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Originally Published: Sep 15, 2020
Originally Published: Sep 15, 2020 Last Updated: Sep 22, 2020 15 min read
Jade Schulz for Money

If you believed 2018 was the summer of scam, think again. As the U.S. has struggled to control the coronavirus outbreak over the past six months of 2020, it's also been flooded with financial scams.

Fraudsters are impersonating the government, trusted brands and colleagues as they seize upon Americans' desperation for stimulus checks, confusion around student loans and concern for their physical health. They're pulling out all the stops, including phishing, vishing and smishing — that's phishing via text message — as they attempt to con people out of their money.

And it's working. As of Sept. 13, the Federal Trade Commission had received over 100,000 reports of coronavirus-related fraud that cost Americans almost $139 million. The average loss was $300.

The pandemic is fertile for fraudulent activity in part because of the mismanagement of personal data over the past decade, according to Richard Bird, chief customer information officer at security software company Ping Identity. All those website breaches add up. Hackers now have a ton of stolen info they can use to target unemployment benefits, small business loans, Social Security and more.

Making matters worse is the fact that so much work has gone remote, says Edward Bishop, the chief technology officer at email security firm Tessian.

"What we're seeing is attackers trying to take advantage of the chaos and uncertainty of current times," he adds. "[You] used to sit next to a colleague and could lean over and say, 'Hey, did you send me this invoice?' This relationship now is distant — and maybe even in a different time zone."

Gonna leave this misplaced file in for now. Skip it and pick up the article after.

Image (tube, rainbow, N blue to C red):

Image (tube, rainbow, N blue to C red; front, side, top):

Basically: Fraudsters know you're stressed and distracted, caring for your hyperactive kids while taking conference calls at your kitchen table. Your guard is down, and they're making the most of it.

There are hundreds, if not thousands, of different ways people have tried to scam others during the pandemic. We've rounded up 26 of the major (and more interesting) ones here. Read on, and protect yourself — as Bird sums it up, "Bad guys love bad times."

Actual billboards

Two groups, Golden Sunrise Nutraceutical and Golden Sunrise Pharmaceutical, were charged this summer for advertising a $23,000 coronavirus "treatment." Promotions for the so-called Emergency D-Virus Plan of Care included at least four physical billboards along roads in California. Not only did an undercover investigator and the FBI get involved, but also Golden Sunrise's CEO — a man named Huu Tieu — was arrested in July.

Business bluff

The U.S. Cybersecurity and Infrastructure Security Agency issued an alert in August about a fraudster who was sending emails with the subject line "SBA Application – Review and Proceed." The emails, which went out to various government officials, told people to click on a certain hyperlink in order to track their loan status. The page actually stole their credentials.